Then be sure to identify in plain English (or another language) the key benefits of taking your course (like “Save the Planet”). Address the pain points and explain the benefits of taking the course. Think – pain, solution, benefits. Make sure all of these are aptly represented on your course landing page.
Doing this will make it easier for your course to be found in search results and will speak to prospective students, giving them a reason to buy your course. And if helps if your problem can be broken down into several courses.
3. Identify The Right Keywords and Topic
Keywords are essential for getting organic search results (and hence, sales) on Udemy – or Google. Udemy search works a lot like Google, so it’s fairly easy to put yourself in the shoes of the person doing the search. Once you know the problem you are solving, you should choose the best keywords to match it to include in both your title/subtitle and for your choice of Topic. Choosing your Topic carefully is essential because they have related keywords and are thus critical to course search results.
On your course landing page, include your chosen keywords in your title, subtitle, course goals (first part of landing page) and course description. Also include them in your section titles, lecture titles, lecture descriptions and in your personal bio.
How do you choose your Topic? Start by looking at Udemy Insights. Decide what Topic you are interested in and see what Udemy tells you is a close fit. Then pick the best fit. Also look at student demand and the number of courses offered in your chosen Topic. Look at the median monthly revenue. Then look at top search keywords for your chosen Topic and note these. Ensure that you include these keywords in all areas of your course.
Also look at other Topics of interest. Look at the full list Udemy suggests. Are any of these other Topics a better fit for your course? Do they have less competition? Note the keywords associated with close Topics as well and include them in your course description, etc.
Note: The Teachinguide app can really help with keyword selection and topic choice. The Keyword Analytics feature allows you to filter keywords for both Google and Udemy and provides information on keyword relevance to topics, trends in keywords, traffic and much more. The Topic Finder provides information on competitors and competing courses, number of students enrolled in courses for your chosen Topic and much more.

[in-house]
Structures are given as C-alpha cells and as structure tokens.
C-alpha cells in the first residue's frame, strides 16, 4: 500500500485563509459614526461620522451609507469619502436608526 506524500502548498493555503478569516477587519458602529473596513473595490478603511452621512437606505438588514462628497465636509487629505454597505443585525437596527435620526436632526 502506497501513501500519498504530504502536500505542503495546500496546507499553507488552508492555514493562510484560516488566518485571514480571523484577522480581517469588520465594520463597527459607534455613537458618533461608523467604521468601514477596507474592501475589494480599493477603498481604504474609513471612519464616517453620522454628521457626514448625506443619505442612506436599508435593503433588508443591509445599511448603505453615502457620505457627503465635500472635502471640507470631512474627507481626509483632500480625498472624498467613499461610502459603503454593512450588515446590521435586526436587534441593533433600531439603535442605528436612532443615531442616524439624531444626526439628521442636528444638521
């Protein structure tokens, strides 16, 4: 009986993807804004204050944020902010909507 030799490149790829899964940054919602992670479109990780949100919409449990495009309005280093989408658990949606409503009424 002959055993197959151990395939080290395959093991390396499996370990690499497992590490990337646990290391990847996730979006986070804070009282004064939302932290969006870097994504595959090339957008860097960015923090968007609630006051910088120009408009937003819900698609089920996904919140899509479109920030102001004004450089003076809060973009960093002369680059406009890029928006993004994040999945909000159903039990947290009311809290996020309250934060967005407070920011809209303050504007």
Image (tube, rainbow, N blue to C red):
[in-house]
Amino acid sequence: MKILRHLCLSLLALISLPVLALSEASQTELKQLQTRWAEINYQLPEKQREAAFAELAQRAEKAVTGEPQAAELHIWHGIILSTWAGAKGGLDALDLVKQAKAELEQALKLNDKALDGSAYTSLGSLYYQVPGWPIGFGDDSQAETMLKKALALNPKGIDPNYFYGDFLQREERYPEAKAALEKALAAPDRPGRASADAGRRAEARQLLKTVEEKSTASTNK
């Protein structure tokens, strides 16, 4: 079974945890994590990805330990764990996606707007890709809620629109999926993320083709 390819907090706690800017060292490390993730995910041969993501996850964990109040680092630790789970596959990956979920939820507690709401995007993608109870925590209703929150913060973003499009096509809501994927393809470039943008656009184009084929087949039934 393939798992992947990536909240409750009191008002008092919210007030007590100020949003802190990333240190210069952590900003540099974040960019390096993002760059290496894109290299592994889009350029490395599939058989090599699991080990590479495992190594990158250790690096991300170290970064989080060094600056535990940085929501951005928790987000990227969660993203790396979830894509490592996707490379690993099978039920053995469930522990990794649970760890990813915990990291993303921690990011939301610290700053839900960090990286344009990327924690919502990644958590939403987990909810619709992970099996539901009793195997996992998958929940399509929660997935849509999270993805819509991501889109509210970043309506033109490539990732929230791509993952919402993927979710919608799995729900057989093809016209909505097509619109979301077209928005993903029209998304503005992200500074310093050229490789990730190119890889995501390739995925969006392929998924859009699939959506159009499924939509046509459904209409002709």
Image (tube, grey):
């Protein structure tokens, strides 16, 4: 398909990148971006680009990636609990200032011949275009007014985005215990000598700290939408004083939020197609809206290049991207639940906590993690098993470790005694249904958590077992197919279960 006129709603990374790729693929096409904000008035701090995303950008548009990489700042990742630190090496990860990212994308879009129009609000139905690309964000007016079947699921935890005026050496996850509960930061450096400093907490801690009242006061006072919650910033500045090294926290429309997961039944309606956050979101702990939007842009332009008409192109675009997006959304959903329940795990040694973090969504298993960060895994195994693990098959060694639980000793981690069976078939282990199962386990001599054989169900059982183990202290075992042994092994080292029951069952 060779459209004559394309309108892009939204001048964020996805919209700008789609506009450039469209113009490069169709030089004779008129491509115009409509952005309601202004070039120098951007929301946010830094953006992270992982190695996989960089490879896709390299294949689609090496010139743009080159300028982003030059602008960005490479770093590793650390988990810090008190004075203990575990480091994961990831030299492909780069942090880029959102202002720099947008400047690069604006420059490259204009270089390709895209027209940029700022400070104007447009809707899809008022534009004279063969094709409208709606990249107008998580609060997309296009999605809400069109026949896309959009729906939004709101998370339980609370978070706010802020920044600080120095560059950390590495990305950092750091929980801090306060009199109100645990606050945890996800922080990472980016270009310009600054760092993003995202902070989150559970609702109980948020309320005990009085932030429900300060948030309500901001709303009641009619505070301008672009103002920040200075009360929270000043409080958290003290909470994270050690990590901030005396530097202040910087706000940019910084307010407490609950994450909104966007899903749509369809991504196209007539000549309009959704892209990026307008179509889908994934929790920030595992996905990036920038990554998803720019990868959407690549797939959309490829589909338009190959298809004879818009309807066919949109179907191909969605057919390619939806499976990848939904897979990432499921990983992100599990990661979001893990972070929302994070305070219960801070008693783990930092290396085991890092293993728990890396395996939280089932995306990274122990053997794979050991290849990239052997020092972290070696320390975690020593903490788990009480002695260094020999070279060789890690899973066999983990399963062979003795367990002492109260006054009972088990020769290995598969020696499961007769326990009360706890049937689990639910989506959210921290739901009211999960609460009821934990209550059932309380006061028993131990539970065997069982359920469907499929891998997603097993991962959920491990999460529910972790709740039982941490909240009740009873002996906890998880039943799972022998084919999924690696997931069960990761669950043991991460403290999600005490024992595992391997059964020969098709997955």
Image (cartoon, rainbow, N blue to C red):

4. Focus on Getting Your First 5 Star Reviews
A critical basic element to market your online course is through reviews. Specifically, you will need five 5-star reviews to get a Hot and New badge. Why does this matter so much to marketing your online course successfully? Because your course will stay in that category and be promoted more by Udemy for 2-3 months for all to see. Remember that monthly course revenue goal you set? This is a great way to get started and achieve that.
What do you do to market your online course in a way that gets five 5-star reviews quickly? Frankly, it’s not rocket science, it just takes focus. Make a spreadsheet of everyone you know. Reach out to friends and family. Use your email contact list, Facebook, colleagues, Facebook groups and other forums. You don’t need to throw out a bunch of free coupons. Strangers who use free coupons are highly unlikely to leave a 5 star review, or a leave a review at all.
Also consider pre launching your course by reaching out to people. Ask yourself, to whom will your course be of interest? This is the time to use your free coupons to market your course. Make it personal when you reach out to people. Don’t say “I’ll give you my course for free in return for a review.” Rather find people with the problem you are solving, i.e. in a Facebook group, and offer a “complimentary” course. Then ask them to leave an honest rating and review. Keep track of who you have reached out to, who left a review, what coupon code is, and generally whatever you need to keep the relationship going with someone who has left you a good review.